After Apple snuck COVID-19 contract tracing software onto its iPhone updates in May, the company is now at least pretending to care about user privacy.
One feature of Apple’s iOS 14 update, originally announced in June, is intended to help protect user privacy online. Apps “are now required to get your permission before tracking you,” according to Apple.
“A new section on each product page on the App Store helps you see a summary of the privacy practices of the app before you download it,” Apple explained in its “New features coming with iOS 14” report.
Facebook, however, is not happy with the new update because it will hurt its ad business. “We believe that industry consultation is critical for changes to platform policies, as these updates have a far-reaching impact on the developer ecosystem,” said the platform in an August 26 statement.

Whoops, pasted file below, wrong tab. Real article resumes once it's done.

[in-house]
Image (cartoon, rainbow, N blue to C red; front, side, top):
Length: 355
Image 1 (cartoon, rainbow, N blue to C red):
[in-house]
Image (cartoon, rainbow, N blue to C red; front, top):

Currently, Facebook tracks the activity of its users and assigns ads based on factors like “demographic information, or that you may have visited a website.” In July of 2019, the platform released an update that included “more detailed targeting, including the interests or categories that matched you with a specific ad.” It can also track “off-Facebook activity” and create ads based on that.
Facebook appears to be concerned with its Audience Network program, which it described as allowing “advertisers to extend Facebook and Instagram campaigns across the internet - onto thousands of high-quality apps.”
Facebook is now afraid that “Apple’s updates may render Audience Network so ineffective on iOS 14 that it may not make sense to offer it on iOS 14,” according to its statement.
In short, Facebook appears upset because users may decline to be tracked online, both on and off Facebook.
Although Apple did include COVID-19 contact tracing software in its May iOS update, the company at least appears to be concerned about its users’ right to privacy, if only for the time being.
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